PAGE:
X.II.18

And it seems to me that the influence of this social net or environment will explain what is so often taken as proof of race differences—the difficulty which less civilized races show in receiving higher civilization, and the manner in which some of them melt away before it. Just as one social environment persists, so does it render it difficult or impossible for those subject to it to accept another.

X.II.19

The Chinese character is fixed if that of any people is. Yet the Chinese in California acquire American modes of working, trading, the use of machinery, etc., with such facility as to prove that they have no lack of flexibility, or natural capacity. That they do not change in other respects is due to the Chinese environment that still persists and still surrounds them. Coming from China, they look forward to return to China, and live while here in a little China of their own, just as the Englishmen in India maintain a little England. It is not merely that we naturally seek association with those who share our peculiarities, and that thus language, religion and custom tend to persist where individuals are not absolutely isolated; but that these differences provoke an external pressure, which compels such association.

X.II.20

These obvious principles fully account for all the phenomena which are seen in the meeting of one stage or body of culture with another, without resort to the theory of ingrained differences. For instance, as comparative philology has shown, the Hindoo is of the same race as his English conqueror, and individual instances have abundantly shown that if he could be placed completely and exclusively in the English environment (which, as before stated, could be thoroughly done only by placing infants in English families in such a way that neither they, as they grow up, nor those around them, would be conscious of any distinction) one generation would be all required to thoroughly implant European civilization. But the progress of English ideas and habits in India must be necessarily very slow, because they meet there the web of ideas and habits constantly perpetuated through an immense population, and interlaced with every act of life.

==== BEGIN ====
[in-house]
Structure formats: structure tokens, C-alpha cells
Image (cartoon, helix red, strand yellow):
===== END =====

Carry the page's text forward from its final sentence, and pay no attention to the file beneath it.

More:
X.II.21

Mr. Bagehot ("Physics and Politics") endeavors to explain the reason why barbarians waste away before our civilization, while they did not before that of the ancients, by assuming that the progress of civilization has given us tougher physical constitutions. After alluding to the fact that there is no lament in any classical writer for the barbarians, but that everywhere the barbarian endured the contact with the Roman and the Roman allied himself to the barbarian, he says (pp. 47-8):

"Savages in the first year of the Christian era were pretty much what they were in the eighteen hundredth; and if they stood the contact of ancient civilized men and cannot stand ours, it follows that our race is presumably tougher than the ancient; for we have to bear, and do bear, the seeds of greater diseases than the ancients carried with them. We may use, perhaps, the unvarying savage as a meter to gauge the vigor of the constitution to whose contact he is exposed."

X.II.22

Mr. Bagehot does not attempt to explain how it is that eighteen hundred years ago civilization did not give the like relative advantage over barbarism that it does now. But there is no use of talking about that, or of the lack of proof that the human constitution has been a whit improved. To any one who has seen how the contact of our civilization affects the inferior races, a much readier though less flattering explanation will occur.

X.II.23